Then he just shuts up, makes no apology for his question, and waits for the other person to either answer or ask what he means. Then it’s off to the races.
There’s one interesting and not uncommon possibility if you try this. The other person either doesn’t really hurt anywhere, or has no idea where it hurts. That’s your signal to either question further to help them, or to shake hands and say goodbye — because you’re probably wasting your time.
If you are asking someone to help you in your job search, you need to be able to tell them what would be most helpful to you. That might or might not be your elevator pitch.
In general, beyond these services:
1. Career direction counseling (not coaching).
2. Identifying target employers.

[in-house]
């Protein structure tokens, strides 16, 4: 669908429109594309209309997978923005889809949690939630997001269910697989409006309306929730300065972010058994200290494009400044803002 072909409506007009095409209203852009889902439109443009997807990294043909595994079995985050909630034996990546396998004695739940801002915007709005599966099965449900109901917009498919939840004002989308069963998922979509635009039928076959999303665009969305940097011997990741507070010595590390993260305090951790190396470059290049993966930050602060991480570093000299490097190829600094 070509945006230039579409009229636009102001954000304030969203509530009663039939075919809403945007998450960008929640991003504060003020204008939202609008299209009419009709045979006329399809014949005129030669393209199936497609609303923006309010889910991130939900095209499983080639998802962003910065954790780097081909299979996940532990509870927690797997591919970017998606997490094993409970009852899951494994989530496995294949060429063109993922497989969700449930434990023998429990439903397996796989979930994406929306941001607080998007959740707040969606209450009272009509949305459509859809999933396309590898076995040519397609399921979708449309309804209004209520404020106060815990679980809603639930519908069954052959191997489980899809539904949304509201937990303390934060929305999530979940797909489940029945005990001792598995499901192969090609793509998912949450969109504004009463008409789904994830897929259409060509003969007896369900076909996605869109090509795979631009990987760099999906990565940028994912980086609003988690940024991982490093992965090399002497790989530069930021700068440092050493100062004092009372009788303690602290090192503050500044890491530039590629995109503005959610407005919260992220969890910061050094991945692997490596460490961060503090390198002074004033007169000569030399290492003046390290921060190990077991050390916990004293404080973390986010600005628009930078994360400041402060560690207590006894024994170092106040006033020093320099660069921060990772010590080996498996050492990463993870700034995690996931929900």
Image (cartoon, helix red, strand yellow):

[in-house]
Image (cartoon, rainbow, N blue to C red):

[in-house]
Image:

3. Resume writing.
4. LinkedIn profile writing.
5. Interview training.
6. Compensation negotiation coaching.
I agree with you, Nick, that many products that career services providers offer are a waste of money and, more importantly, time.
Donna: I think your list pertains to talking with career consultants. Not other professionals who might lead to introductions that lead to job opportunities. The point of the ideas here is to address what’s most important to the other person, so that you can think fast on your feet to address that. And, hopefully, before approaching a person, you’ve done your homework on them and their business and you have some ideas prepared.
You discussed more than one topic in your post.
The first paragraph addressed elevator pitches.
The second paragraph talked about career coaches. My list outlines where I see value in working with coaches. However, you’re right, coaches sell many more services than the ones I listed. I don’t see many of the services I didn’t list helping job seekers more than they help career coaches.
Coaches can be helpful, but the world is awash in them and it’s had to find good ones. My advice is to find them via referrals — people who’ve used them with success — and to pay as you go so you have a stop-loss if you’re not satisfied.